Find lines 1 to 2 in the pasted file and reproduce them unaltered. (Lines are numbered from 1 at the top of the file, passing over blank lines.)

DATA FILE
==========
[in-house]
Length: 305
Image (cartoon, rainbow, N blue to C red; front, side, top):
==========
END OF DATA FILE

[in-house]
Length: 305